Founded in 1837, Hermès has become the go-to brand when it comes to combining historical heritage and craftsmanship with a contemporary sense of style. We’re all too familiar with the infamously iconic Birkin bag, and while most of us have probably only dreamt about owning such a stylish staple, Hermès has managed to become much more than merely the supplier of the latest It-bag. Prestage had the chance to sit down with the creative director of Hermès’ menswear department, Véronique Nichanian, who’s been leading the premium luxury brand’s men’s line since 2009. And successfully so, because Hermès is one of the few brands where men’s fashion makes up for almost half of its entire earnings.
It’s quite an honor to be in the presence of someone so highly regarded in the fashion industry. If fashion were a monarchy, Hermès would be reigning royalty, and so it does slightly feel as if we’re about to meet the queen herself. The 58 year old Nichanian, who has been working for Hermès for over two decades, has that innately inimitable look French women are known for around the globe. Where does a woman, in charge of men’s fashion, get her ideas from?
Veronique: “It’s funny how often I get asked this question, when in fact there are far more men designing for women and nobody seems to wonder about their (cap)ability to do so. Quite astonishing no? I find it surprising not more women are interested in designing for men. One of the reasons I was drawn to it in school, was of the preciseness, the meticulousness designing for men requires. It’s about the subtleness in detailing. I try to look objectively at men, to enhance their smartness, charm them up a bit. To provide them with a palette to choose from. In a way, there is much more equality between men’s and women’s fashion nowadays. We lead the same kinds of lives, we work, we travel, and so is the way we experience some things, such as the feeling of a particular fabric; the sensuality, the sensibility. I’m less concerned about the length of a hem than I am about the choice of material, which is vitally important. I’m always looking for new fabrics or materials to work with”.
In an industry focused on temporary fads and season bound clothes, Véronique finds herself pioneering a different approach. She even dares to go as far by saying, “she aims at making collections that never go out of style”. The fashion planet, as are its inhabitants, is fickle, how does she manage to do so?
“I basically design from a gut feeling, draw inspiration from within and pick and choose whatever resonates best. Don’t get me wrong, I like fashion, but I’m not obsessed. For me, it’s something playful, something to experiment with. Generally, the fashion world works on deadlines. This and that have to be done in so and so long. But my world at Hermès is a much more timeless one and, this is the reason why our products are costly, I get to work with the best possible fabrics, materials and manufacturers, aiming for the highest quality possible. That is where my focus is. I like a simple, clean shape or line and from there, I play with color and material. I like mixing different fabrics and textures, because for me that emulates the way we live in the 21st century. For example, I will work with tailored pieces but construct them with sportswear inspired materials, like we did with S/S 2013 and which will continue, though with its own twist, in the A/W 2013 collection .That clash is something I always try to look for in my work”.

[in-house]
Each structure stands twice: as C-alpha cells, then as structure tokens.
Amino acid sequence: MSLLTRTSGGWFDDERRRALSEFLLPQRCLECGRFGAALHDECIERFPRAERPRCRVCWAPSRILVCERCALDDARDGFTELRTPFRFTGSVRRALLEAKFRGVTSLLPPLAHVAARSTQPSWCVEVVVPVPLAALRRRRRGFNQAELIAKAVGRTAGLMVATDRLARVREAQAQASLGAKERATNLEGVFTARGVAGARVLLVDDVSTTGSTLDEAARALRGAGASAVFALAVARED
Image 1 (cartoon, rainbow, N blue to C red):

When asked how she would describe her personality, she infectiously laughs out loud: “Demanding! And definitely not easily satisfied”, she grinningly exclaims and continues on, on a more serious note. “It’s true, I am quite demanding, but only because I strive to excel in what we already do so well. Hermès represents the absolute top and therefore I want nothing but the best. Though, being the perfectionist I am can be both a blessing as a curse, mind you. It’s an ongoing and never ending process. Therefore, it is flattering when people complement the ‘perfection’ of the clothes, for I will put my all into every collection. I’ll have worked on the materials myself, will have visited the factories and contacted suppliers. Being artistic director does not mean being kept in some ivory tower, closed off from the outside world. On the contrary, it’s what I love about my job, being in direct contact with everyone involved. It’s less about fashion and more about the art of making beautiful clothes, and so it is incredible I have been able to do this for so long within the fashion industry. People tend to ask me: Don’t you ever get tired of it? When are you going to stop? But for me, as long as I get to do what I’ve enjoyed doing for so long, quitting is out of the question. I draw a lot of inspiration from travelling around the world, architecture and film, but it’s something unconscious. I don’t design with a specific theme in my head or base a collection on a particular movie, it’s more of a feeling, a sense of the spirit of the times. If I had to pinpoint a highlight in my career, besides being asked to join the prestigious house of Hermès in 1988, it would have to be the 20 years of freedom I’ve had here. It was after all, quite a courageous move of Jean-Louis Dumas, the company’s CEO at the time, when he appointed a woman to lead its menswear department. Something I’m still grateful for”.
As are we.
Written by Thomas Stevens @ KULT & PASTE
Published in PRESTAGE magazine issue 6